Is your truck louder when it's cold as hell and you just cranked it and started driving off, or when it's fully up to temp? Obviously when the cylinders are cold.

This is because when the diesel is injected, the cylinder environment is too cold to rapidly ignite the fuel. And while the fuel does burn, it does so at a very slow rate, allowing more diesel to be injected per time, than fuel being burned. It then fires off, making your engine sound noisy, and even emitting blue smoke when the ultimate temperature never gets high enough for complete combustion, such as on a cold engine, or one running severely reduced compression. What you hear, is the result of a cold cylinder not immediately burning off the fuel at or near the rate at which it's being injected. Because of this, you get a pocket of unburned fuel developing that will finally tend to "flash" off as you approach TDC and the pressure/temperature finally gets this pocket of fuel to "pop". And you hear it. This is not the injectors you're hearing, although they do make their own noise, no doubt.

When you inject the fuel at increasing amounts of advance, you are doing so into a colder and colder cylinder. Effectively increasing the delay between start of injection and rapid combustion. And in so doing, creating a larger and larger volume of fuel as of yet unburned.

Long story short, the sound you hear is the rapid combustion of a pocket of fuel. If advanced far enough, a drop in cylinder pressure will be noted, followed by a VERY large rise in cylinder pressure accompanying the "flash" of burning diesel that had collected when the cylinder was too cold to rapidly burn it.

Maybe that makes sense to you, or maybe not. But I can see no better explanation for the data I have seen and gathered myself.
That explanation makes perfect sense to me.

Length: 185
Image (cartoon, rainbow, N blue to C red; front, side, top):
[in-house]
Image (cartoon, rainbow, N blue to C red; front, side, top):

On the blue smoke being emitted, should it do that on a stock tune? When I start my truck and it's cold for the first 30 seconds to a minute it has a decent blue haze coming out of the exhaust. It uses no oil, so is this the explanation? It also blows white smoke like a mother for about 5-10 seconds.
 

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If what you're hearing is timing advance...

The sound you hear is caused by injection delay actually. If you realize that a "diesel" engine is a compression ignition engine, then you see that the pressure/heat from the compression of the intake air charge approaching TDC is what ignites the fuel when the injection event takes place. Well, the pressure/heat can be expected to be less and less the farther and farther in advance of TDC you are. Meaning the cylinder is colder.

Is your truck louder when it's cold as hell and you just cranked it and started driving off, or when it's fully up to temp? Obviously when the cylinders are cold.

This is because when the diesel is injected, the cylinder environment is too cold to rapidly ignite the fuel. And while the fuel does burn, it does so at a very slow rate, allowing more diesel to be injected per time, than fuel being burned. It then fires off, making your engine sound noisy, and even emitting blue smoke when the ultimate temperature never gets high enough for complete combustion, such as on a cold engine, or one running severely reduced compression. What you hear, is the result of a cold cylinder not immediately burning off the fuel at or near the rate at which it's being injected. Because of this, you get a pocket of unburned fuel developing that will finally tend to "flash" off as you approach TDC and the pressure/temperature finally gets this pocket of fuel to "pop". And you hear it. This is not the injectors you're hearing, although they do make their own noise, no doubt.

When you inject the fuel at increasing amounts of advance, you are doing so into a colder and colder cylinder. Effectively increasing the delay between start of injection and rapid combustion. And in so doing, creating a larger and larger volume of fuel as of yet unburned.

Long story short, the sound you hear is the rapid combustion of a pocket of fuel. If advanced far enough, a drop in cylinder pressure will be noted, followed by a VERY large rise in cylinder pressure accompanying the "flash" of burning diesel that had collected when the cylinder was too cold to rapidly burn it.

Maybe that makes sense to you, or maybe not. But I can see no better explanation for the data I have seen and gathered myself.
That Charles, is one of the best explanations I've seen you post. Didn't even offend anyone either :poke:LOL